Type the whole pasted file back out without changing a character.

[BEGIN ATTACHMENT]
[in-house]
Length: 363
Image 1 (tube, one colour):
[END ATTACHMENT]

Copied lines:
[in-house]
Length: 363
Image 1 (tube, one colour):